National Geographic Society Carbon Analysis

Project Profiles

National Geographic Society Carbon Analysis

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Vegetated terraces at the National Geographic Headquarters. Courtesy of National Geographic.

Vegetated terrace at the National Geographic Headquarters. Copyright National Geographic.

An established leader in conservation, The National Geographic Society’s (NGS) commitment to sustainable facilities management is evidenced by their recognition as a US EPA Climate Leader, participation in the Energy Star program, offsetting 100% of their electrical use with green power, and becoming one of the original pilot projects in the US Green Building Council’s LEED for Existing Buildings program. In 2008, the organization reinforced this commitment by aggressively pursuing greenhouse gas reduction strategies for their corporate operations and facilities in hopes of achieving carbon neutrality for their headquarters complex in Washington, DC. To reach their goal, NGS selected a Terrapin-led team of experts to determine the feasibility of carbon neutrality for the three main buildings at the headquarters campus.

Working in collaboration with CTG Energetics and GHT Limited, Terrapin produced a greenhouse gas and energy end-use study for NGS’s headquarters campus. The process began with a series of brainstorming sessions and energy audits to establish the size and nature of the campus carbon footprint. The resulting report focused on energy and carbon assessment and described the proportion of GHG emissions associated with each building operations including the on-site combustion of natural gas, use of purchased electricity, commute and building related transportation, water use, and solid waste generation and disposal. The team used on-site measurements and computer modeling to investigate the scale of impact and financial/construction sequencing strategies for the facilities. To achieve carbon neutrality on the complex, the Terrapin team advised NGS to consider a combination of long-term capital upgrades based on lifecycles for equipment and building components, as well as operational improvements and engaged carbon offsets.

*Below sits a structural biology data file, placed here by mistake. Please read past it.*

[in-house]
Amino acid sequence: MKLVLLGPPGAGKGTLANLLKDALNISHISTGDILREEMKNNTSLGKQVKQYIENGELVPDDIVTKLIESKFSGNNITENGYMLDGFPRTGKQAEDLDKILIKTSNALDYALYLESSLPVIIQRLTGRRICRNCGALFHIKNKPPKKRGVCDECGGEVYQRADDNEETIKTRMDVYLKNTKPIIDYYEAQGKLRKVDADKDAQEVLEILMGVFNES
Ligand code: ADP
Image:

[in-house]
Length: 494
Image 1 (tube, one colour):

*Header and feature image copyright National Geographic